So You Want to Walk on Water

October 3, 2011 | 18 comments

I stand here, among the cypress and oak that cling to the banks of a Texas river. It’s one of those calm mornings, where the world is stretching awake soundless. I am a spectator to God’s quiet majesty, where the Creator has carved a notch in Earth by using a river — a long, intentional carving.

And it is here in the quiet, where I hear Him speak. Always in the quiet.  

The words come like a whisper to the ears, a cymbal clash to the soul. It’s Peter’s words, actually. 

“Lord, if it’s you, tell me to come to you on the water.”

Here on the banks, far from my Iowa home, I remember Peter and his friends out on the Sea of Galilee. Two-thousand years later, I’m standing stock-still on the shore.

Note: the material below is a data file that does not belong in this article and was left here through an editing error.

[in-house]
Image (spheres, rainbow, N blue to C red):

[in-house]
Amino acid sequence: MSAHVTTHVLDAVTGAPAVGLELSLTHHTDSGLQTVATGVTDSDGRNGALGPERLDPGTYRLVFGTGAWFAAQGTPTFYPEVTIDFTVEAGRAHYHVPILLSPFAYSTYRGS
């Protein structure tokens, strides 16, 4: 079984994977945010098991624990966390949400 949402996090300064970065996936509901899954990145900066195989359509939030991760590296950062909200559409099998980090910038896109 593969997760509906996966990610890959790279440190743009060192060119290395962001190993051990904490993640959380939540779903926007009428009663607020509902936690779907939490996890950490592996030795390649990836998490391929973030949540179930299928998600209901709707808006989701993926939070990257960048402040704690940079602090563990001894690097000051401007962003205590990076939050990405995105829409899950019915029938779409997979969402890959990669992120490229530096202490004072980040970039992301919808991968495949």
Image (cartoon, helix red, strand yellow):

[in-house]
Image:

I think this thought: Peter and I, we don’t have much in common.

Peter was in the boat, poised to take one giant leap onto the water. Yet, you’ll often find me standing on the shore of this life, too fearful to take one small step into the boat.

I’ve always admired people like Peter, who take huge leaps of faith into the great unknown. Their steps into the next new thing aren’t always pretty or perfect. Sometimes they end up all wet. 

Shore-sitters like me owe gratitude to people like Peter. They are our world’s visionaries. They take risks, without first calculating every single outcome. They jump onto the water, without first making sure they look good in the bathing suit. 

They step onto the water, with a burst of courage that I rarely can muster up. In business-speak, you might call Peter an innovator or an early adopter. Me? I too often fit into one of two groups: “late majority” and “laggards.”

It’s been that way, even before I have memory of it.

Most children take their first steps around one year. A few little ones — the early adopters of toddler-hood — might start walking at nine or ten months. My mother took me to the doctor at age 16 months because I still hadn’t taken my first, unaided step. I was satisfied with scooting around on the polished wood floors.